World book Night
Wednesday was World Book Night, which saw hundreds of thousands of books being given away by volunteers all over the country. One Tree Books acts as a picking up point for the registered givers to collect their chosen title. Our involvement does sound rather like turkeys supporting Christmas but there are good reasons why we do it. It not only gets more people reading – it gets people talking about reading. Research suggests that it leads to increased sales of the books given away and more significantly of other books by those authors. If nothing else it reminds the techies that books can be paper as well.
This week I read The Murder Room by Tony Parsons. This is his first foray into the crime area having made his name with Man and Boy back in 2007. This, (M&B), sparked a whole new genre of books by men about men but for women, and there are hints of that in this (the tough, amateur boxer, detective is a loving single parent with a cute dog). Having said that, The Murder Room is a well-plotted whodunit with clues (that I missed) and is well worth a read. (out now £9.99)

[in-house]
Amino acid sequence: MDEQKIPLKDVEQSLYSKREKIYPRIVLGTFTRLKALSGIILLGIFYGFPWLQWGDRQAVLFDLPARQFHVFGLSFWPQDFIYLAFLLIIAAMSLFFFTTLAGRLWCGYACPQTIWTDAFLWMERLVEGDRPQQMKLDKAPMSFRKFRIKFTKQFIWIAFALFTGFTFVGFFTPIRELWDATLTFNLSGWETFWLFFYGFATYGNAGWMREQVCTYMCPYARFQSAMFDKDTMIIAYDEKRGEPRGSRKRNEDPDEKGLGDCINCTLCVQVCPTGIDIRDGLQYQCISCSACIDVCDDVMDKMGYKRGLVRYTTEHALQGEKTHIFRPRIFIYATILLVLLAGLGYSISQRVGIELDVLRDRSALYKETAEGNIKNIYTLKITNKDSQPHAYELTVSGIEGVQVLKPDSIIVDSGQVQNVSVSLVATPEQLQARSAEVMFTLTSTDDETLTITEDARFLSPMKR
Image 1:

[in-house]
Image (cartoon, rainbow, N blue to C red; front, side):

I have just started the harrowing Kadian Journal by Thomas Harding – more on that next week.
The death of Gabriel Garcia Marquez has led the literary news this week. There have been a host of tributes from the great and clever so just one thought more – his ability to convey the brightness of life despite the vagaries of translation was amazing.
On holiday this week in sunny Cornwall, so lots of reading done. Two books by Americans, one by a Canadian and one by a Finn. The Road To Reckoning by Robert Lautner is a True Grit/Cold Mountain adventure set in the wilds of the Appalachians in 1837. It bought on a nostalgia for those Saturday Night At The Movies evenings of the 70s – entertaining. (HB £14.99)